All of us can relate to feeling lonely at some point in our lives, but for some people loneliness can be chronic. Chronic loneliness is a vicious cycle; reduced social contact often contributes to a loss in self-confidence and in turn this can make it increasingly difficult to establish meaningful relationships. According to Age UK, 1.2 million older people (aged over 65 ) are chronically lonely – around 10-13% of older people. Loneliness is recognised to be a severe condition that can seriously affect a person’s physical and mental health, and increase the risk of premature death by 30%. Shockingly, research indicates loneliness can be more harmful than smoking 15 cigarettes a day. In this blog we take a look at the research conducted by Age UK during their inspiring “No one should have no one” campaign, and what we can learn as Nurses, Carers and professionals working in elderly health care.
Factors which contribute to loneliness in elderly people
Professor José Iparraguirre, Chief Economist, Age UK recently published a report “Predicting the prevalence of loneliness at older ages”, this report draws on previous research which highlights that as well as a higher mortality risk, loneliness contributes to depression, sleep problems, impaired cognitive health, heightened vascular resistance, hypertensions, physiological stress and compromised mental health.
With loneliness contributing so greatly to an individual’s overall well-being it is important to recognise the circumstances that can heighten the risk of developing feelings of loneliness. Several studies have identified a number of loneliness risk factors in later life including being widowed, living alone, retirement, mobility problems, low self-esteem, cognitive and sensory impairment, limited contact with friends or family, reduced social activity and having unmet social care needs (Goodman and Symons, 2013; Dahlberg and McKee, 2014).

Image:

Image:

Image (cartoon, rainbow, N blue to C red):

Working in health care | How to tackle loneliness, recognising the signs
In 2015, Age UK launched a UK pilot programme, ‘Testing Promising Approaches to Reducing Loneliness’ in which they used a series of techniques to identify, understand and support loneliness. 1,000 older people were supported as part of the programme of whom half had their loneliness levels measured again six to twelve weeks after their initial guided conversation. Age UK found that amongst the people who were “lonely often” or “some of the time” at the beginning of the programme, 88% and 70% respectively had a reduction in their loneliness scores – an amazing result.
In order to conduct their research Age UK devised a Framework for Loneliness. By enlisting front line staff, volunteers and people with strong community connections they were able to identify individuals experiencing loneliness. These “Foundation Services” were an essential component in the successful interventions to help people with loneliness.
As Nurses and Carers working with the elderly we must recognise that loneliness can be such a profoundly personal experience, you may be able to spot signs before the person you care about does or before they are able to talk about it. It is also important to remember that while our residents are in contact with various individuals throughout their day, this does not mean that they are not lonely. Several studies highlight, that in regards to social engagement the quality of contacts are more important than the frequency (Victor and Yang, op. cit.; Pinquart and Sörensen, 2001). Therefore establishing meaningful relationships is key.